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I have made a mistake in one of the commits. Now I want to completely delete this commit, so it looks like it has never existed. I don't want to see this in log.

I have tried all tips from this question ("How to delete a 'git commit'"), but I can see the commit in the log. How I can completely delete it?

-- Edit --

Ok, I do not give the completely information. Kevin Ballard are correct.

By now, I do not push this commit, it's only in my machine. The ouah answer work, the command

git log

will not show, but what the command

git reset --hard HEAD^

do is "chekout last commit and change the the branch to this", so I continue seeing that commit with a graph program like SmartGit.

--Edit 2--

No, this is a SmartGit bug!!!! The commit really disappear. I have to close the windows of log and than open again. The commit is no more there.

share|improve this question
I might be mistaken, but I think that you can't. – zneak Jan 17 '12 at 20:50
@zneak: You can, but Rodrigo needs to give more information. Has this commit been pushed anywhere? Do you care about erasing all information about this commit and its files from disk, or is it ok to just make sure it doesn't show up in git log (and can be garbage-collected naturally at some later point in time)? – Kevin Ballard Jan 17 '12 at 20:51
Try the tips in this – Shraddha Jan 17 '12 at 20:52
up vote 8 down vote accepted

If it is the last commit

git reset --hard HEAD^

if it is not the last commit

git rebase -i commit_hash^

an editor will open, delete the whole line with the commit, save and quit.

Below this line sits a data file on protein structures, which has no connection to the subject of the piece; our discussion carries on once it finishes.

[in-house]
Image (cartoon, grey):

Note that rewriting history or rebasing if the branch has already been pushed is usually a bad idea and you may prefer to use

git revert commit_hash

that will add a new commit that reverts the commit commit_hash.

share|improve this answer
If you're trying to remove a single commit, you can also just use git rebase --onto $SHA1^ $SHA1 (where $SHA1 is the commit to delete). Also, this come with the caveat that it won't reproduce merges. You can give it the -p flag to try and reproduce merges, but it may not work properly if the commit you deleted has an impact on any merge resolutions. Also note that mixing -p with -i is a bad idea (see the BUGS section in the git-rebase manpage). – Kevin Ballard Jan 17 '12 at 20:54
@ouah you should probably mention that this if the branch has been pushed, then this is a BAD IDEA. – Richard Jan 17 '12 at 21:02
@Richard ok, done! – ouah Jan 17 '12 at 21:35
git revert. is the best solution =) – Arthur Neves Aug 6 '12 at 16:26
and if you want this to the remote branch, then do "git push <remote> -f" after you do "git reset HEAD^ --hard" – Vignesh PT Jul 19 '14 at 19:30

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